• schidroschidro Posts: 313Member ✭✭✭
    Would it not be cost effective to keep the whole tank at temperature versus trying to keep part of it right? If you insulate the tank and put a top or cover the top with that foam insulation board from Lowe's or Home Depot it shouldn't have much fluctuation. 
  • norcalfranknorcalfrank Posts: 839Member ✭✭✭
    schidro said:

    Would it not be cost effective to keep the whole tank at temperature versus trying to keep part of it right? If you insulate the tank and put a top or cover the top with that foam insulation board from Lowe's or Home Depot it shouldn't have much fluctuation. 

    It might be if I were dipping everyday, but I'm not.
  • MidOhioHydrographicsMidOhioHydrographics Posts: 8,700Member, Moderator, Business Ninja El Moderator
    Honestly I would leave the tank off, then they day before I were going to dip? Go turn it on and let it get up to temp. This is what we do during shutdowns and long weekends. Leave everything off, then I'll go in the day before and turn everything back on to heat up.
  • WileECoyoteWileECoyote Posts: 5,664Member, Moderator, Business Ninja El Moderator
    We have our tank in the garage. No heat in the winter, and it was 10 degrees F for a two week stretch. We used an insulated milk tank and 1-1/2" rigid foam insulation on top. We wrapped the pipe in a blanket. We lost 3 degrees every day. We left the heaters on, and the heat transferred through the stainless divider pretty well (no circulation). It took us about 15 minutes to stabilize the tank once we started circulating. Keep in mind, this is nearly PERFECT insulation, you guys adding foam to the outside would have to get under the tank and seal REALLY well, or spray urethane foam all over it.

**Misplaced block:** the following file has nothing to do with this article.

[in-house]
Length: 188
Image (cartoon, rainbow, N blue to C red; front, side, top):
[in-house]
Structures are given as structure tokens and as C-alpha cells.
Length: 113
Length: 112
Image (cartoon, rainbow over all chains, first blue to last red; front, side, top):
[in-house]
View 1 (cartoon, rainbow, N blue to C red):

Insulation goes a long way toward saving you money.
  • smedlinsmedlin Posts: 1,180Member, Business Ninja ✭✭✭✭
    I guess that really only counts if your dipping every day?

    more for the "full timers"?

    I'll go days at a time without even turning my tank on.
  • WileECoyoteWileECoyote Posts: 5,664Member, Moderator, Business Ninja El Moderator
    It will certainly help the pros, but only losing 3degrees a day you can do the math. If you didn't dip for a week, you are still only down 21 degrees, in a garage that is below freezing. For the guys in areas of the country that are at 40 and 50 degrees right now, you are probably losing a degree a day. But an uninsulated tank you would lose 40 degrees in less than a day. 

    Simple fact is that electricity costs around $.10 a kw/hr no matter where you are at. 2 4500 watt heaters take 9kw an hour and heating up 40 degrees likely takes us an hour (this varies by the amount of water, and again, the insulation and temp Delta) how long does it take you to reach $100 worth of insulation when every time you dip you burn just under a buck? @smedlin you must be going on 2 years by now. If you dip once a week you would have completed your ROI by now.
  • smedlinsmedlin Posts: 1,180Member, Business Ninja ✭✭✭✭
    @WileECoyote , It sure seems like 2 years. But my first dip in my shop was April 2017.

    The usage really varies. There have been several weeks in a row I never turned the tank on. And then there are times when it's on every day for several weeks.

    And your logic may be off. Keep in mind that the majority of the year down here (on the Gulf Coast), most of the time the outside temp is at or greater than the tank temp.

    I remember back in August, when the tank hadn't been on for about a week. I turned it on and the water temp was in the low 80's.

    But I do see your point. I turned it on Wed, and it took a LONG time for it to heat up. Next time I drain it, maybe I'll look into wrapping it.

    how do y'all hold that insulation on the tank? Strap it?
  • WileECoyoteWileECoyote Posts: 5,664Member, Moderator, Business Ninja El Moderator
    Well, ours is a double stainless wall with insulation in between. It was an old refrigerated milk tank that we cut the top off, so the hard work was already done. I might suggest some rigid foam adhesive in a few spots, and then wrap the corners with some foil tape. I would suggest the foil backed to begin with, as the activator would just eat the stuff that isn't protected. If you had access to 2component urethane spray foam, I would just blast it with that.
  • DeviousDipsDeviousDips Posts: 1,142Member ✭✭✭✭
    @smediln. I used the 3m adhesive spray glue to put my insulation up. Then I used the foil tape to tape every seam
  • schidroschidro Posts: 313Member ✭✭✭
    Never thought about the spray foam. I used 1" foam from Lowe's. If you can catch a sheet that's been broke they mark it way down. Save a buck where you can. I had my tank built but the mechanical engineer that welded it thought he knew what I needed more than what I wanted I guess. I built an additional 1" box frame around it.